The Desertion of the Intellectuals?


Some 80 years ago, the American historian, Crane Brinton, wrote The Anatomy of Revolution in which he sought to plot the stages of popular revolts. In fact, he attempted to identify the pattern of the French Revolution (1789), and add comments about Britain’s ‘Glorious Revolution’ (1688), the American Revolution (1776) and the Bolshevik Revolution in Russia (1917). Brinton paid particular attention to the breakdown in the old order, the ‘ancien régime’.  One question occupied his thoughts: What were the elements within the old order that caused it to lose its legitimacy to a point when even members of the ruling elite lost belief in their own right to rule?  While he certainly paid close attention to the countries’ economic problems, Brinton  also stressed the intellectual supports holding up the old order, i.e. the basis for its legitimacy.

Numerically ‘intellectuals’ represent a tiny minority of any country’s national population. But writers, philosophers, journalists, and scientists – so-called ‘ideas people’ – play a crucial role in legitimizing the existing political order. When they withdraw their support for the prevailing system, as did the writers of the 18th century Enlightenment from the French monarchy and the religious idea of the ‘Divine Right’ that undergirded it, the regime became susceptible to challenges, peaceful or otherwise. The rule of the Romanovs in early 20th century Russia provides another example.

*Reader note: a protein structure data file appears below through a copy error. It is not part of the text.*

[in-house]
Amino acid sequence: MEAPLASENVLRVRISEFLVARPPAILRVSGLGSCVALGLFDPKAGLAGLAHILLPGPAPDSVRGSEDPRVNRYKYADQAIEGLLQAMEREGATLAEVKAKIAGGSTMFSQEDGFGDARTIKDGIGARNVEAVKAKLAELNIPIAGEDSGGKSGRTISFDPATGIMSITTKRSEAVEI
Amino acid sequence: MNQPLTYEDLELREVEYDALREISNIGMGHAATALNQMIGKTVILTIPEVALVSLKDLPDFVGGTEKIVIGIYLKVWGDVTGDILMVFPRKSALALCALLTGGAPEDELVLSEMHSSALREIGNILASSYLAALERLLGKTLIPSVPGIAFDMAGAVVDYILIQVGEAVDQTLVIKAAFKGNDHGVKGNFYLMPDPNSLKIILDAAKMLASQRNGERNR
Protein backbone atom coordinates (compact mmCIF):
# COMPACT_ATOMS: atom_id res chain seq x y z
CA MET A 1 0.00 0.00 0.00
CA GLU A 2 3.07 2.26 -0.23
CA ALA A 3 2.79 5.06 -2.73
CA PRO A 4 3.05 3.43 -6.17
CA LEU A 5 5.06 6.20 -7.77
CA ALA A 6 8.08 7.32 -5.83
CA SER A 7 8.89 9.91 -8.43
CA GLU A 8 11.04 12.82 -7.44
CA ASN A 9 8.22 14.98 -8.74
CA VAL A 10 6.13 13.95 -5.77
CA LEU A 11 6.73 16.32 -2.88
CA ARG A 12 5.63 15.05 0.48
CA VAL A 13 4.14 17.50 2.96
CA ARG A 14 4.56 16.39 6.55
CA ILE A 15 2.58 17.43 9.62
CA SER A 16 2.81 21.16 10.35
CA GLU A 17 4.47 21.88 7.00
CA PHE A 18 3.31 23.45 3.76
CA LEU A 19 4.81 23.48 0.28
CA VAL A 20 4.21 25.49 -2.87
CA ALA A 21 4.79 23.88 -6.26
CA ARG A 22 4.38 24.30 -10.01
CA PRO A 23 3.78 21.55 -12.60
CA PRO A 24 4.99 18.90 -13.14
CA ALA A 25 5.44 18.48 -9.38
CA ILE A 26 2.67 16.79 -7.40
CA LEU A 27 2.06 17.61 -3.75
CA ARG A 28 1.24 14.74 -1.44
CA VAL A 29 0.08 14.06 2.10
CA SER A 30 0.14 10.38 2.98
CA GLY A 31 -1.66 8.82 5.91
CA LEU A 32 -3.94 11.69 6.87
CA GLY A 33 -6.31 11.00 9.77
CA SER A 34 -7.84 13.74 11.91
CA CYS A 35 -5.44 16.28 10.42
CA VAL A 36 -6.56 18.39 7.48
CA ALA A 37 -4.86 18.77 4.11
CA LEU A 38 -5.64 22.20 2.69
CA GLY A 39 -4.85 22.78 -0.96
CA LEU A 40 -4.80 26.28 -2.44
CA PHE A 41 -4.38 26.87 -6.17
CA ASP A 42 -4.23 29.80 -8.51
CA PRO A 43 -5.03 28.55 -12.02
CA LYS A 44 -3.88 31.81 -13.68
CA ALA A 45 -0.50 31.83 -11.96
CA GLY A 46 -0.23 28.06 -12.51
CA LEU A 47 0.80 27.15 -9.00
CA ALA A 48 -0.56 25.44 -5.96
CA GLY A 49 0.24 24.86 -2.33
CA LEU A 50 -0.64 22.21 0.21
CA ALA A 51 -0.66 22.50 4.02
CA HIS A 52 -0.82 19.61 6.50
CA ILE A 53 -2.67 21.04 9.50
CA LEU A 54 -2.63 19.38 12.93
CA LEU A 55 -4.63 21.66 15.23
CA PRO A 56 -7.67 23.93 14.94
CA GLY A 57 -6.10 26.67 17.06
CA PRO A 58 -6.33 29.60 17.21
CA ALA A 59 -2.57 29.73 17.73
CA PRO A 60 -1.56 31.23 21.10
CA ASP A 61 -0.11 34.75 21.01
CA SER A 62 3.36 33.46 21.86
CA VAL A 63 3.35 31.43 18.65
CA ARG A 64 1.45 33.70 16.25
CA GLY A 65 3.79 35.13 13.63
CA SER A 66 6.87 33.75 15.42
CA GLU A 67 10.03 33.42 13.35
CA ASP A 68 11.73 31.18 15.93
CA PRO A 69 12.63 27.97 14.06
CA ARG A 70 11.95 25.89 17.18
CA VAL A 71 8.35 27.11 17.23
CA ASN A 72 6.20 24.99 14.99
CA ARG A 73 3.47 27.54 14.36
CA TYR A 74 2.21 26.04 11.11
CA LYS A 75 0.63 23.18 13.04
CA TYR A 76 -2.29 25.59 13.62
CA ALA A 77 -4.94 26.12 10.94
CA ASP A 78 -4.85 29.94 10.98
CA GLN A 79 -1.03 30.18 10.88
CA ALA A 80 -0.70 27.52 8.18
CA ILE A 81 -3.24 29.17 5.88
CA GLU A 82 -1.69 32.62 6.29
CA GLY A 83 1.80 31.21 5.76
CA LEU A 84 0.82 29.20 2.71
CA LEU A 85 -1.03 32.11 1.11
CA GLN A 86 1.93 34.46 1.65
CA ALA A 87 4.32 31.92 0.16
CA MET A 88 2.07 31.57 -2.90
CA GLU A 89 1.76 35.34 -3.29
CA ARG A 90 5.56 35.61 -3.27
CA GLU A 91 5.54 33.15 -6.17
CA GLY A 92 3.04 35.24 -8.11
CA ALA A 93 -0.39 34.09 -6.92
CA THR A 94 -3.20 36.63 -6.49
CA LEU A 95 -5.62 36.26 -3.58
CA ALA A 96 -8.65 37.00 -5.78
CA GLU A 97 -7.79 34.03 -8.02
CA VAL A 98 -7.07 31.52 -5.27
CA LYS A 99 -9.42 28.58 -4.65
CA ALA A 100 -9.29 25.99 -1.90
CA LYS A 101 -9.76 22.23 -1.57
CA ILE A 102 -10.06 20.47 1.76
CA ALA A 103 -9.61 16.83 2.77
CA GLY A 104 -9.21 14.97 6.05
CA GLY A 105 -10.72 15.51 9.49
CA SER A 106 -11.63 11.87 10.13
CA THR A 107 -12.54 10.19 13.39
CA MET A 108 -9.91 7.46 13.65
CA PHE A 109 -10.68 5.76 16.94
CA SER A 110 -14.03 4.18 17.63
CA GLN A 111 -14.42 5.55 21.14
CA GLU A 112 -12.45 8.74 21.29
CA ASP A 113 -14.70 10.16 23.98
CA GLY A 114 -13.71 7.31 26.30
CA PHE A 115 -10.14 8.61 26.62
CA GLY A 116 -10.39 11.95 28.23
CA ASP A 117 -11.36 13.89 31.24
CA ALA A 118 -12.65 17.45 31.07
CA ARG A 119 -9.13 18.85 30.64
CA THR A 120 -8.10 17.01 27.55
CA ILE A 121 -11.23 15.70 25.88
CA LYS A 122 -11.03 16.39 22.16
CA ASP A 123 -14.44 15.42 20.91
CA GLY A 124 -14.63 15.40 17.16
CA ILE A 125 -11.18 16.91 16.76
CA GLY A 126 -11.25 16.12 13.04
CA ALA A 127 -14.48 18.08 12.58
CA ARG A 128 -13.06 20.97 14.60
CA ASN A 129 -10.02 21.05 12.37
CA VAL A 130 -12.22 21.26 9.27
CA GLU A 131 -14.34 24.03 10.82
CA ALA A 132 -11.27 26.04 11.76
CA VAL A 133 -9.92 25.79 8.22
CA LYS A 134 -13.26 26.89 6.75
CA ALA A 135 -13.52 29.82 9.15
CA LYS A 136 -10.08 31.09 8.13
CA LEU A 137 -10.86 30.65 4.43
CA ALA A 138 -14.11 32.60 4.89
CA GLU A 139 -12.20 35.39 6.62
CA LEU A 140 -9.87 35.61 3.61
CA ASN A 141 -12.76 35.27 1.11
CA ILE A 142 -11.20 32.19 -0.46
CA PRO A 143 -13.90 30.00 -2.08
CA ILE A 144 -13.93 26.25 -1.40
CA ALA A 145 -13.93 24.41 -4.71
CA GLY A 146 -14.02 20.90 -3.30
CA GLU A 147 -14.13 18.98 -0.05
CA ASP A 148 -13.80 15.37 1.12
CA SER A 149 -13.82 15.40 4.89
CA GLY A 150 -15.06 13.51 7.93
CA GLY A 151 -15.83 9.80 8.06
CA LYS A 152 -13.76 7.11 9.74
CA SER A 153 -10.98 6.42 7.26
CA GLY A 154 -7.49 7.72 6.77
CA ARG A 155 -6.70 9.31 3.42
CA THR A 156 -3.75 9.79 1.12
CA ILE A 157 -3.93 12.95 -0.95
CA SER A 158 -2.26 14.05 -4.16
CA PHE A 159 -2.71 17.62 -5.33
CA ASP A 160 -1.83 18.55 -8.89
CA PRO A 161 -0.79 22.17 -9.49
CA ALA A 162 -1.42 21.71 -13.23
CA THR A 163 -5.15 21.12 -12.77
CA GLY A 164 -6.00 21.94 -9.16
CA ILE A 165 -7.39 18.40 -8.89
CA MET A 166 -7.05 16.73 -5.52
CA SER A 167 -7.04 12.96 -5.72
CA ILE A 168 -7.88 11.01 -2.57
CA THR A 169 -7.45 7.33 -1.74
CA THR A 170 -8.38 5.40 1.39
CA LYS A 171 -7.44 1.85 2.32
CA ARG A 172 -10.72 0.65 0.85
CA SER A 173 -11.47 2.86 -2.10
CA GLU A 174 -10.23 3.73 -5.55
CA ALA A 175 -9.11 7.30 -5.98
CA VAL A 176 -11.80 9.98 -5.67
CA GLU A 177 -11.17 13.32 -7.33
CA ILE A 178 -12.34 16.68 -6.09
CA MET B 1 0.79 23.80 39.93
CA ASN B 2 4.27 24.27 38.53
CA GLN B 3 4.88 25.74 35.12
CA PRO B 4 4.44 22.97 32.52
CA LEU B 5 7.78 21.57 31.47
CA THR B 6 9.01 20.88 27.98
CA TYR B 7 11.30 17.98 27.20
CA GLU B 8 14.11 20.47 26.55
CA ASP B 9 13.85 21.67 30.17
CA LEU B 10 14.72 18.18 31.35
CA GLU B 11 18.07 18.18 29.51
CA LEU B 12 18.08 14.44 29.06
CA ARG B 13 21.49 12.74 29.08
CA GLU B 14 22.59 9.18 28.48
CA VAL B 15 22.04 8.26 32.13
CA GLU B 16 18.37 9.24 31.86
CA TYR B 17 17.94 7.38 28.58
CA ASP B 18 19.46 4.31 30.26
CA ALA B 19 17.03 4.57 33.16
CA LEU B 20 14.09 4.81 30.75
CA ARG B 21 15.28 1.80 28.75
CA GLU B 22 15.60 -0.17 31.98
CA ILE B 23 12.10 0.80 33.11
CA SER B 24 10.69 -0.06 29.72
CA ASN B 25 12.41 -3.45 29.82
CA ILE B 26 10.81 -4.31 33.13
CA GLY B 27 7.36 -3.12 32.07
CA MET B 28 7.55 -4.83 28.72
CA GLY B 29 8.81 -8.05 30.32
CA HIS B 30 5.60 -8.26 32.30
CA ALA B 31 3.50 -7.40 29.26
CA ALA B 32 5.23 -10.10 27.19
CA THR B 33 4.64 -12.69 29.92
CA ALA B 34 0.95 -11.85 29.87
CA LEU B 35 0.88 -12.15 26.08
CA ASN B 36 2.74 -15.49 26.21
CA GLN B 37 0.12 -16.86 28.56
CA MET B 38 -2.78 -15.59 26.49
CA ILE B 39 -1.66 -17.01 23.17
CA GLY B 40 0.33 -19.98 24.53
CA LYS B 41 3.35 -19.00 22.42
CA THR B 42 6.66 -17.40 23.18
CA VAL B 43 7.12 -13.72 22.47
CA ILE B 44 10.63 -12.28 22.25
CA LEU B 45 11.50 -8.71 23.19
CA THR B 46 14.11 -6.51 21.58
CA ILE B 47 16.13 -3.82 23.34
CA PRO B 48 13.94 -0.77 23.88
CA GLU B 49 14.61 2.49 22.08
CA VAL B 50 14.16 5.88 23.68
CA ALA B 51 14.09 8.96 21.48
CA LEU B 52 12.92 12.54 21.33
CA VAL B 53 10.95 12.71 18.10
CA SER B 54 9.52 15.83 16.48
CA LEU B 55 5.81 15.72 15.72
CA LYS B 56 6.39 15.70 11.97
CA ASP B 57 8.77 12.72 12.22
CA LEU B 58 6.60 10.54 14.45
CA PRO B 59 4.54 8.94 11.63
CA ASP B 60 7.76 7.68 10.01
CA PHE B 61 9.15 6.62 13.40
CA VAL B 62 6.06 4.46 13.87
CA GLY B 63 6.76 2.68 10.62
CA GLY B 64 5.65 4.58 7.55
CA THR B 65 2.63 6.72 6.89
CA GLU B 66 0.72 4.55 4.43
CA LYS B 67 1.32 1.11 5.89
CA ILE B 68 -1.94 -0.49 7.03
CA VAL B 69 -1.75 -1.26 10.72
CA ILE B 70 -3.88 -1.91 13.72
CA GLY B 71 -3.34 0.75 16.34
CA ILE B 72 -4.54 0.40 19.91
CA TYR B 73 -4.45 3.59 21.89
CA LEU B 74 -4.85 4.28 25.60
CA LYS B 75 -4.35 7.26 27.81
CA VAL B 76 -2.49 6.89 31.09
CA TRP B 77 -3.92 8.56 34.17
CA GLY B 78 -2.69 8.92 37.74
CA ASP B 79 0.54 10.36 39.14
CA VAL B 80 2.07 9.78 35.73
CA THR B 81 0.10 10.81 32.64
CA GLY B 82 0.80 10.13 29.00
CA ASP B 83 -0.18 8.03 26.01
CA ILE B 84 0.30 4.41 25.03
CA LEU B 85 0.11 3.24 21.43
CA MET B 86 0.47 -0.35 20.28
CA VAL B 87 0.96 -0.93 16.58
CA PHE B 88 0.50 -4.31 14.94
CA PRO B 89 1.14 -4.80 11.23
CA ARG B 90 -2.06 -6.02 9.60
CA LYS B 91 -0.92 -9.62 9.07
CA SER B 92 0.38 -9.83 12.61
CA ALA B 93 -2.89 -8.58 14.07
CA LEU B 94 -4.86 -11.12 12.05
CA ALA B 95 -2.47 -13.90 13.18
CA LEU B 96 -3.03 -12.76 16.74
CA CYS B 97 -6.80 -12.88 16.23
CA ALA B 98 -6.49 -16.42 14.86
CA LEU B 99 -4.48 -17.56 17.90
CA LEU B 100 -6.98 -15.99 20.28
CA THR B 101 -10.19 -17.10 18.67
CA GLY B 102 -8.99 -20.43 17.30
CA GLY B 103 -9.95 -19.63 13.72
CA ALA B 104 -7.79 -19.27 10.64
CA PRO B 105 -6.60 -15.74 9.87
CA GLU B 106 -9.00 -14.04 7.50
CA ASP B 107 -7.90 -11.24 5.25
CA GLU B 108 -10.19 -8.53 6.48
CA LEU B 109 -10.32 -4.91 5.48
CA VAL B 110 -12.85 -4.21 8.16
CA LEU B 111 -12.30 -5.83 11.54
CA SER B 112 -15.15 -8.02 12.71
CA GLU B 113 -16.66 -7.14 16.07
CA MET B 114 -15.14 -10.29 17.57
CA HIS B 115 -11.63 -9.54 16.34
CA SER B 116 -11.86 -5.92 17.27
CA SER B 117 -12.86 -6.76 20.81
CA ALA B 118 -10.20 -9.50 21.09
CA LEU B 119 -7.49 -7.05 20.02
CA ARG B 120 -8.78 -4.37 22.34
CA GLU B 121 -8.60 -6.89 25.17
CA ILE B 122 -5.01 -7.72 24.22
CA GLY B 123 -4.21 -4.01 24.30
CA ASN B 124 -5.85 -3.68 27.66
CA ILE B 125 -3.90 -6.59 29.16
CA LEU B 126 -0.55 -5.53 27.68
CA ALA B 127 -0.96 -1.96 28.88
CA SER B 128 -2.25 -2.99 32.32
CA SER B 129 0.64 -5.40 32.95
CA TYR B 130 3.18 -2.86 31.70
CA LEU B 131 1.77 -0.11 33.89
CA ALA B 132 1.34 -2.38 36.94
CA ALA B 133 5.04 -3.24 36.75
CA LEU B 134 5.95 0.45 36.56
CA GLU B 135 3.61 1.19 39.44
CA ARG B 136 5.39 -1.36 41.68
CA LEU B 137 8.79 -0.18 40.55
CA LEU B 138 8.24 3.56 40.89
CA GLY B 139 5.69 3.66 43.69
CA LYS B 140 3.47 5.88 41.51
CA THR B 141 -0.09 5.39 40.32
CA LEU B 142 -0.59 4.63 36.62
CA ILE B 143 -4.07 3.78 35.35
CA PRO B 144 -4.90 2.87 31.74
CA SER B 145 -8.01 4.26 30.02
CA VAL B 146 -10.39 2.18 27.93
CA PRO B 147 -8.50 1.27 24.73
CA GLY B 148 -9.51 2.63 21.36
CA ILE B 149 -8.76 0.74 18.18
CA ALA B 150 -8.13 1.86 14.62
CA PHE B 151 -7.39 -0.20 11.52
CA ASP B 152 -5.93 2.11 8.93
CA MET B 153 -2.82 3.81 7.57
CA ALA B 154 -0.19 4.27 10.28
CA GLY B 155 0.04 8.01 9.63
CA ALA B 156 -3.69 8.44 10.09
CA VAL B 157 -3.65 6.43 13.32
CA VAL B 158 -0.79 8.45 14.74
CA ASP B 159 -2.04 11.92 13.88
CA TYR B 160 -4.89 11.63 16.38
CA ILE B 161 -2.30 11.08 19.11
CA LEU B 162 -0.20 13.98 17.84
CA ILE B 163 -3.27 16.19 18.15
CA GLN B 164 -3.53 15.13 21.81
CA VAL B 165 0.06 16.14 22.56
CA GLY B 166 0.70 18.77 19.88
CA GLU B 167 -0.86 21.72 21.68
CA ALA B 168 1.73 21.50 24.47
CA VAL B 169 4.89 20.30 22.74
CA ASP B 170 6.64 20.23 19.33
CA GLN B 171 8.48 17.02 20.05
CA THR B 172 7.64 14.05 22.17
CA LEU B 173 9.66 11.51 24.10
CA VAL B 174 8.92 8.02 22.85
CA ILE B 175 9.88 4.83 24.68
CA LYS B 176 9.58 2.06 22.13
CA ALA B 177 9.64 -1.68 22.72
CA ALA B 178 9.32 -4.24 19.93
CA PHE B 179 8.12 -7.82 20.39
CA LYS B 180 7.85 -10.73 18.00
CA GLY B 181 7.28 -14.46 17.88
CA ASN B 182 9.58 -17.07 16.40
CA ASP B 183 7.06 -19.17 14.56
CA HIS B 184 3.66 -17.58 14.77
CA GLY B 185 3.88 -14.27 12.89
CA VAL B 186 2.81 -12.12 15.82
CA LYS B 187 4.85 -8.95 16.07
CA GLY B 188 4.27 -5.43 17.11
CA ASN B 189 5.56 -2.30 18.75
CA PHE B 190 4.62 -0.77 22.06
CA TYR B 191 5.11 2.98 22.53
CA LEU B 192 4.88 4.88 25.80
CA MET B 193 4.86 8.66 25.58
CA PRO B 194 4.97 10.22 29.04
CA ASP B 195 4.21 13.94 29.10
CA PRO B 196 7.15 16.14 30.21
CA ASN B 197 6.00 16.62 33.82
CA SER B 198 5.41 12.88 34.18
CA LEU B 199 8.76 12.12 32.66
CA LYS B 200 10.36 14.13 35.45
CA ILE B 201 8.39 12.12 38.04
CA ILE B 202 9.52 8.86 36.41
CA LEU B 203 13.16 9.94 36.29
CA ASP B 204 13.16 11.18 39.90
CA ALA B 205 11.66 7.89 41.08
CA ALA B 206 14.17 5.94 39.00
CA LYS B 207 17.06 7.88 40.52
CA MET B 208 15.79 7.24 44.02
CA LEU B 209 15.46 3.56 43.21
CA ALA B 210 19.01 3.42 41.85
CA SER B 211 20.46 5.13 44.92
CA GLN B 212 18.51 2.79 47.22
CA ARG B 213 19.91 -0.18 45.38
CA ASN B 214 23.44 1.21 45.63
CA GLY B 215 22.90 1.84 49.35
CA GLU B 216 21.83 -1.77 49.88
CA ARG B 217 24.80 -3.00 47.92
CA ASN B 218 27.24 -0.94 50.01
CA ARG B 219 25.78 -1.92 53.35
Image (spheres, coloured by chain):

I’m not suggesting that Donald Trump’s White House bears much similarity to Louis XVI and his court at Versailles. Nor am I suggesting American democracy is on the brink of collapse at the hands of armed insurgents. Peasants wearing muddy boots appear unlikely to invade the president’s haven resort at Mar-a-Lago, for instance. What I do think we are witnessing is the defection of many conservative intellectuals from the political movement that has come to dominate Republican Party politics over the last several decades. Let me provide some examples.  Names that come to mind immediately are those of George Will, David Brooks, William Krystol, and Bret Stephens. All four of these writers produce newspaper columns and frequently serve as television commentators. They have served as long-time and thoughtful defenders of conservative ideas about the direction of American public life. Their work appears on a regular basis in the Wall Street Journal, The New York Times, and The National Review.  The latter was founded by the late William Buckley Jr. in the 1950s to serve as the flagship of the new conservative movement.  Krystol, the son of a key figure in the neo-conservative movement of the 1960s, was the long-time editor of the now defunct Weekly Standard, a journal committed to the expression of conservative opinions.